A Speech on Beer in Milwaukee in 1972

If industrial brewing in North America can be viewed as a parabola, 1972 is a perfect year to describe its vertex. In that year, a fine short article was written as the basis of a presentation given at a conference of milk products experts in Milwaukee. The author and speaker was Donald G. Berger of Jos. Schlitz Brewing Company in Milwaukee. He addressed the International Association of Milk, Food, and Environmental Sanitarians. The article was published in its journal, the Journal of Milk Food Technology, you can read it here.

Rarely have I read an article this length that combines so well essential beer history, explanation of beer and brewing ingredients (except hops, but see below), and advances since the 1800s in brewing sanitation, chemistry, and bacteriology.

The only gap I’d identify is an omission to discuss hops in any detail, but no doubt he had to pick and choose within the scope of the presentation.

1972 is of course at a point of sharply rising consolidation in the brewing industry. There were no craft breweries with the quasi-exception of tiny Anchor Brewing in San Francisco. Almost all beer was what is now called the American Adjunct Lager style; ale and porter had practically vanished. There was no wheat beer, no IPA except Ballantine’s, a tiny seller, no flavoured beers, and certainly no sours except failures in the brewhouse to discard.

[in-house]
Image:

Berger explained the motive force behind this environment (the emphasis is mine):

The industry trend during the past 20 years has been toward the production of a light beer; see Table 2. The definition for “light” is less satiating, less color, and mild flavor. Although individuals have their own definitions for flavor, we must agree that beer is no longer a robust, hearty, strong-flavored beverage. Most American beer is now refreshing and pleasant tasting. To achieve this change, brewers have gradually reduced the specific gravity of the wort using new varieties of malting barley and by varying the malt/adjunct ratio. Hop flavor has also been reduced. The traditional method of hops utilization was the addition of dried hop flowers or cones to the boiling wort in the kettle. Hop extracts are now in common use.

Reading between the lines, I think Berger had a soft spot for the robust, hearty, strong-flavoured beers of an earlier time – beers of course brought back by the craft brewing movement starting just a few years later.At the same time, he points out that such beers were more easily able to hide faults from poor sanitation in the brewery, use of wooden vessels, multi-strain yeasts – the old way of brewing advances in brewing science had largely rendered void. Many of the brewing advances described are still used today such as hop extracts, use of papain to eliminate protein haze, and certain methods of filtration.

Berger seemed committed, or resigned at any rate, to the dominance of the light beer style, explaining that technically beer was cleaner and better than it ever was. He states a wisdom I have heard countless times from people in the brewing business, something I thought had arisen only after craft beer started: